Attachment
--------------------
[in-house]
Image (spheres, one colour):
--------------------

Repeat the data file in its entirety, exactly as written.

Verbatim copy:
[in-house]
Image (spheres, one colour):